Cheføkonomen i den italienske storbank UniCredit, danskeren Erik Nielsen, har i sin søndagsanalyse efter sommerferien – og efter en tur til Danmark, Berlin og London – filosoferet over Europa, som efter hans mening er langt mere stabil, end de fleste vil erkende, og det gælder politisk og økonomisk. Europa har klaret coronakrisen bedre end de fleste regioner i verden, og den tyske valgkamp er civiliseret i forhold til valgkampe mange andre steder – ikke mindst i sammenligning med USA. Han har to analyser over økonomien, der kan udvikle sig dårligere end forventet, og over den europæiske pengepolitik, der måske ikke neddrosler sine opkøb så hurtigt som mange venter.
Et stabil Europa med en civiliseret tysk valgkamp
In comparison to the rest of the world, Europe looks increasingly like a bastion of stability, competent governance and good old-fashioned common sense. Even including the laggards in Central Europe, EU citizens have now been vaccinated to a greater extent than anyone else in the world, while Europe continues to be the world’s biggest exporter of vaccines. And – finally – the EU has decided to stand up for our most fundamental values and put the financial screws on Poland and Hungary to reverse their drift into illiberalism.
Meanwhile, Germany is conducting a rather civilized campaign to select a new Bundestag and hence Angela Merkel’s successor – it’s certainly a civilized process compared with last year’s election campaign in the US, the infringements in voting rights in several US states now being rolled out, and the complete lack of democratic leadership selection in, e.g., China and Russia.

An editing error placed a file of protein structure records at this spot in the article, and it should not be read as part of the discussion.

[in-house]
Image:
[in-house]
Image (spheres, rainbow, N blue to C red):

This past week I returned to London to find supermarket shelves half empty with the choice of food items reduced to barely more than what we had in rural Denmark 20-30 years ago, curtesy of Brexit and the pandemic. And on Wednesday, we learned that, no, Britain cannot have its cake and eat it too – or, no, you cannot have both European level public services and a low tax regime: The government broke its election pledge and raised taxes measurably to rescue the UK’s wonderful, but vastly overstretched, health system, the NHS, leaving little doubt that more tax hikes will be coming. Not surprisingly, a majority of Brits now think Brexit was a bad idea (according to opinion polls by Statista).
In this first post-summer note, I’ll discuss two of the issues which I’m pretty sure will become increasingly important topics in the months ahead, namely: ■ The risk that growth is levelling off well before we reach post-pandemic cruising speed, and … ■ what it’ll mean for monetary policies. I suspect the peace at the ECB may be coming to an end.
Uddrag fra Unicredit: